Playable characters are one of the big selling points in Strike Force Heroes: Extraction. You have not one or two but 20 in all, each unlockable for a certain amount of in-game coinage. Characters come with flaws and perks, the latter of which are upgraded by performing different activities during play. For example, Cate is an ex-cat burglar with a stealth skill that is unlocked after killing 40 enemies while taking cover. Singe wears a fire proof suit and gets stronger the more explosions he survives. Not only does the character system encourage you to play the game in different ways, it also adds an enormous amount of replayability, especially when you consider the number of guns you can buy and upgrade.

Strike Force Heroes: ExtractionStrike Force Heroes: Extraction comes with three main modes of play: Campaign, Survival, and Free Run. The former is the meat of the game that sends you through stage after stage of running and gunning. Start here to experience the game's story across 30 different levels and unlock the other modes. When you're in the mood for a challenge, hop over to Survival to see how far you can run in a handful of special stages. Finally, Free Run lets you cut loose and simply hoof it. No guns, just runs!

Analysis: Strike Force Heroes: Extraction has long been a favorite shooter browser game. This mobile experience has been tweaked to better fit mobile devices, turning it into something closer to an endless running/shooter hybrid. It hasn't lost any of the action or strategy (or shooting!) in the transition, however, and you'll be pleasantly surprised just how captivated you are with the high-speed re-imagining of Strike Force.

For all its action, speed and upgrade goodness, Strike Force Heroes: Extraction does have a couple of weak spots. The cover mechanic, for example, isn't quite as precise as it should be. Swiping down on the screen seems simple enough, but when you're dashing along rooftops, your attention isn't exactly riveted on how far your finger moves across the screen. Sometimes you'll jump when you mean to swipe, which is frustrating when you're on a good run.

Despite some slightly blurry visuals that spin by at high speeds and an occasionally iffy combat mechanic, Strike Force Heroes: Extraction is easily one of the top arcade games on the mobile market. It has the ability to draw you in with quick stages that only take a few moments to play, but the longer you stick with it, the more characters you'll unlock, the more perks you'll get, the more weapons you'll use, and the more awesome the game becomes!

NOTE: This game was played and reviewed on the iPad 3. Game was available in the North American market at the time of publication, but may not be available in other territories. Please see individual app market pages for purchasing info.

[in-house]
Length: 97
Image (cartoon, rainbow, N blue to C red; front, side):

• Currently 4.2/5
  • 1
  • 2
  • 3
  • 4
  • 5
Rating: 4.2/5 (133 votes)
| Comments (17) | Views (648)

furiosity

JohnBNew from puzzle maestro Bart Bonte, furiosity is a puzzle game designed to challenge your ability to recognize patterns then turn around and put them to use. The screen is filled with a deceptively simple grid of colored squares. Your job is to toggle them to the target color. Should be easy, right? If you've ever played a Bart Bonte game, you know that figuring out how to solve the puzzle is just as challenging as actually solving it!

Here's our misleading casual game instruction of the day: tap a square to change its color. Really, it's more like "tap a square and something happens". Maybe a block across the grid changes color. Maybe half a dozen seemingly unrelated squares shift. Or maybe nothing happens and you have to tap again. The rules change for each of the 144 levels, meaning you never get to take a mental vacation.

This new incarnation of furiosity is a redesigned mobile version of the older browser game, below. For the full furious experience, check out the iOS, Android and Amazon versions.

Play furiosity (browser demo)

NOTE: This game was played and reviewed on the iPad 3. Game was available in the North American market at the time of publication, but may not be available in other territories. Please see individual app market pages for purchasing info.


  • Currently 3.6/5
  • 1
  • 2
  • 3
  • 4
  • 5
Rating: 3.6/5 (38 votes)
| Comments (6) | Views (496)

Infectonator Hot Chase

DoraShaun says that contrary to what recent pop culture would have us believe, zombies are in fact quite slow, but apparently the undead horde you're controlling in Toge Productions' arcade game Infectonator Hot Chase never got that memo as they have quite a bit of pep in their step. To play, all you do is click and hold on the screen to make your zombie move vertically up the lanes, and release to make it drop back down. This allows you to chow down on any humans you come across, which nets you cash for upgrades and increases the size of your grisly horde, granting a temporary boost of speed, as well as helping you dodge hazards like cars and bullets. Once your health runs out, you'll be forced to start all over again, and health can only be regained by eating humans or other power-ups, which can transform you into powerful mutations temporarily.